Reign of Jianwen Emperor: The Second Emperor of the Ming Dynasty
The Jianwen Emperor (Traditional Chinese: 建文; Simplified Chinese: 建文; pinyin: Jiànwén; Wade-Giles: Chien-wen) (5 December 1377–13 July 1402), with the personal name Zhu Yunwen, reigned as the second Emperor of the Ming dynasty.
His reign Jianwen name means "Establishment of civil virtue".
The Jianwen reign was short (1398–1402). After he assumed the throne, Jianwen Emperor began to suppress feudal lords, which included his uncle Zhu Di. Feeling threatened, in 1399 Zhu Di raised an army and began to march toward Nanjing from his northern base in Beijing under the banner of the Jingnan campaign. In 1402, Zhu Di's army finally reached Nanjing and, after a brief fight, Zhu Di usurped Jianwen Emperor's throne and was crowned as Yongle Emperor.
When, Zhu Biao, the first son of the founder of the Ming dynasty, Zhu Yuanzhang, died on May 17, 1392, Zhu as his successor chose Zhu Biao's then 15 year old (second) son, Zhu Yunwen (born December 5, 1377).
Zhu Yunwen ascended the dragon throne 21 years old on June 30 1398 upon the death of his grandfather. But he was only to rule for a mere four years as 2nd Ming emperor Huidi with reign title of Jianwen ("Establishing Civil Virtue").
The Ming empire was at that time divided into areas, each commanded by a Ming prince. Jianwen contrived with his trusted ministers Qi Tai and Huang Zicheng to weaken or eliminate the other princes.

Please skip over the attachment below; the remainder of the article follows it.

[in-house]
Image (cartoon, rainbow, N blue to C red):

Throughout 1398 they managed to kill or imprison the Princes of Qi, Dai, Zhou and Xiang. But when it was time to take on his uncle, Prince of Yan and commander of the tough northern frontier army, they soon learned that he was in no mood to let himself be brushed aside.
When envoys were sent north to arrest him, he rose up in rebellion starting a bitter civil war that was to last almost four years.
The empire had a numerically far superior army and the Prince of Yan went into each battle knowing that this could well be his last. But the prince's army mainly consisted of cavalry so he was less dependent on supply lines and by bypassing strongholds, which his cavalry was ill equipped to storm and conquer, he eventually arrived with his armies at the gates of the capital, Nanjing.
The capital fell on July 13 when key imperial officials betrayed the empire and opened Nanjing's Qinchuan city gate letting in Prince Yan's troops.